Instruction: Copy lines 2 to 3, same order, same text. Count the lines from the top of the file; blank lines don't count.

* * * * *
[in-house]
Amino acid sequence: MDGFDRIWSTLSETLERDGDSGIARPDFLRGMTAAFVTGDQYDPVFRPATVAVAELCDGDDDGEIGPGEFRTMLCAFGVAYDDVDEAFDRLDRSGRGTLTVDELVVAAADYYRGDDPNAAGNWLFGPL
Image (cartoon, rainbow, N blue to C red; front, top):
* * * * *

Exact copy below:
Amino acid sequence: MDGFDRIWSTLSETLERDGDSGIARPDFLRGMTAAFVTGDQYDPVFRPATVAVAELCDGDDDGEIGPGEFRTMLCAFGVAYDDVDEAFDRLDRSGRGTLTVDELVVAAADYYRGDDPNAAGNWLFGPL
Image (cartoon, rainbow, N blue to C red; front, top):